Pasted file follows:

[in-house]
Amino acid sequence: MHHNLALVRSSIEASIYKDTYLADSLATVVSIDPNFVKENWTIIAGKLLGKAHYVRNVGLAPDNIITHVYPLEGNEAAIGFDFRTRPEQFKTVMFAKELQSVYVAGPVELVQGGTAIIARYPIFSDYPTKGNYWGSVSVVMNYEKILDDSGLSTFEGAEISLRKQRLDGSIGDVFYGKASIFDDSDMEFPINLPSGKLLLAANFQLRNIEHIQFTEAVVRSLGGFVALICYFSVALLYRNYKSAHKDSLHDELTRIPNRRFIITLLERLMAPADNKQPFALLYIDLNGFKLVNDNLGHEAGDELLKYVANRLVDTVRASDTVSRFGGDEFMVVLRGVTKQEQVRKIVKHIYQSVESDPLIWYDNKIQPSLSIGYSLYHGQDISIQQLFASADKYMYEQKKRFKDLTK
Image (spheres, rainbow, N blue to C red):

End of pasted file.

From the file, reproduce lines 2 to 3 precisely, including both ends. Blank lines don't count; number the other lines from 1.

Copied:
Amino acid sequence: MHHNLALVRSSIEASIYKDTYLADSLATVVSIDPNFVKENWTIIAGKLLGKAHYVRNVGLAPDNIITHVYPLEGNEAAIGFDFRTRPEQFKTVMFAKELQSVYVAGPVELVQGGTAIIARYPIFSDYPTKGNYWGSVSVVMNYEKILDDSGLSTFEGAEISLRKQRLDGSIGDVFYGKASIFDDSDMEFPINLPSGKLLLAANFQLRNIEHIQFTEAVVRSLGGFVALICYFSVALLYRNYKSAHKDSLHDELTRIPNRRFIITLLERLMAPADNKQPFALLYIDLNGFKLVNDNLGHEAGDELLKYVANRLVDTVRASDTVSRFGGDEFMVVLRGVTKQEQVRKIVKHIYQSVESDPLIWYDNKIQPSLSIGYSLYHGQDISIQQLFASADKYMYEQKKRFKDLTK
Image (spheres, rainbow, N blue to C red):